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Author Topic:   Fate of the Neanderthals
Taq
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Posts: 8519
Joined: 03-06-2009


Message 1 of 19 (503489)
03-19-2009 2:07 PM


I recently watched Neanderthal Code on the National Geographic Channel. Towards the end of the show they proposed that the neanderthals did not go extinct. Instead, neanderthals interbred with modern humans and were assimilated into the modern human population.

I just don't see how this could be given the genetic evidence that has thus far come to light. First, it appears that no human living today (or very, very few) carry mitochondrial DNA from neanderthals. The same can be said for the Y-chromosome. You would think that if interbreeding was common that either the maternal or paternal lineages would be seen in modern populations, especially in European populations where interbreeding would have been the most common.

Admittedly, these conclusions are being drawn from incomplete information. Just last month scientists announced that the neanderthal genome has been completely sequenced. They are hoping to release the results of the neanderthal-human comparison later this year.

Link

What I am wondering is this. Given the lack of neanderthal mitochondrial DNA and Y-chromosome lineages in modern populations, should we expect to see other neanderthal genes in modern populations? What do you guys predict will be found in the neanderthal genome?


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AdminNosy
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From: Vancouver, BC, Canada
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Message 2 of 19 (503504)
03-19-2009 3:57 PM


Thread moved here from the Proposed New Topics forum.

  
Stagamancer
Member (Idle past 4155 days)
Posts: 174
From: Oregon
Joined: 12-28-2008


Message 3 of 19 (503508)
03-19-2009 5:30 PM
Reply to: Message 1 by Taq
03-19-2009 2:07 PM


What I am wondering is this. Given the lack of neanderthal mitochondrial DNA and Y-chromosome lineages in modern populations, should we expect to see other neanderthal genes in modern populations? What do you guys predict will be found in the neanderthal genome?/

Well, I would expect to find a lot of similarity between the genomes H. sapiens and H. neanderthalensis, since I would expect us to be even more related to them than chimpanzees/bonobos. However, this raises the question of how you determine which genes are shared because of a common ancestor, and which genes are shared because of interbreeding?


"There are three kinds of lies: lies, damned lies, and statistics."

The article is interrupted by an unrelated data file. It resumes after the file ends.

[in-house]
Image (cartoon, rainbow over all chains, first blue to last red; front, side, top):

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ramoss
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Posts: 3225
Joined: 08-11-2004


Message 4 of 19 (503527)
03-19-2009 8:38 PM
Reply to: Message 3 by Stagamancer
03-19-2009 5:30 PM


There is at least one gene that deals with brain development that appears to be from neanderthal.

http://news.softpedia.com/news/Human-Brain-Carries-at-Least-One-Neanderthal-Gene-39515.shtml


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Taq
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Posts: 8519
Joined: 03-06-2009


Message 5 of 19 (503539)
03-19-2009 10:30 PM
Reply to: Message 3 by Stagamancer
03-19-2009 5:30 PM


However, this raises the question of how you determine which genes are shared because of a common ancestor, and which genes are shared because of interbreeding?

I don't think that would be difficult. If the lineages split between 500,000 and 700,000 years ago then you would expect to see a certain amount of synonymous mutations (mutations that do not change the amino acid sequence of the protein being coded for). You would also expect a certain amount of divergence between introns. If there is a lack of synonymous mutations and differences in introns then I think this could point to interbreeding.


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Taq
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Posts: 8519
Joined: 03-06-2009


Message 6 of 19 (503540)
03-19-2009 10:37 PM
Reply to: Message 4 by ramoss
03-19-2009 8:38 PM


There is at least one gene that deals with brain development that appears to be from neanderthal.

http://news.softpedia.com/news/Human-Brain-Carries-at-Least-One-Neanderthal-Gene-39515.shtml

That is one of the important genes that they talked about in the article I linked to in the OP. Another interesting candidate is FOXP2.


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pandion
Member (Idle past 2239 days)
Posts: 166
From: Houston
Joined: 04-06-2009


Message 7 of 19 (505511)
04-13-2009 1:27 AM
Reply to: Message 4 by ramoss
03-19-2009 8:38 PM


ramoss writes:

There is at least one gene that deals with brain development that appears to be from neanderthal.